The first thing one notices about the Moarhofalm is that they use hiking boots in place of flower pots. There is at least a dozen pairs hanging on their fence, all in such a fine condition that I wonder why no one has stolen them yet. When on the inside of the fence, you realize that the boots were just the beginning. The whole hut has been envisioned as a sort of an over-the-top farm experience, with dimmed lights, plain wooden tables, skulls of far too many goats on the walls, little bridges over little springs, cute tiny rabbits, Lederhosen everywhere and every other detail, including hard-to-open metal door locks, screaming „Kitsch“ at you. It is very well done (the way they managed to fit the buildings between the huge stones is particularly impressive), but the whole thing looks more like a circus than a real farm. Even the owner resembles a clown (sorry if you are the owner reading this and feel insulted, but you should really do something about your haircut).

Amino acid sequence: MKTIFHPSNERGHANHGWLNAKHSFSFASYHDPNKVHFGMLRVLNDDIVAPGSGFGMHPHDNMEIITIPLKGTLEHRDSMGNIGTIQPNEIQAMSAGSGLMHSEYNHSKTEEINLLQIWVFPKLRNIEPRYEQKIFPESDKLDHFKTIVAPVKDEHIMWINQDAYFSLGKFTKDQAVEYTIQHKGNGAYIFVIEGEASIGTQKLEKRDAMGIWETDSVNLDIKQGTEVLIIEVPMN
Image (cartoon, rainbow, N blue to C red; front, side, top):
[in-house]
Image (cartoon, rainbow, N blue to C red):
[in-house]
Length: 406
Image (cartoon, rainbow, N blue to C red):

Despite all the fuss, the Moarhofalm serves a really uninteresting Brettljause. It’s quite varied but totally industrial, the fact that has really no excuse for a place that calls itself an Alm and is easily accessible with a car. It does, however, feature the thickest Brettl I have ever seen.
If not hungry, the Moarhofalm is certainly worth visiting. It is something like a Styrian equivalent of the Marchfelderhof – very well built, very nicely maintained, but fake to the extreme. As for the Brettljause, there are better places nearby.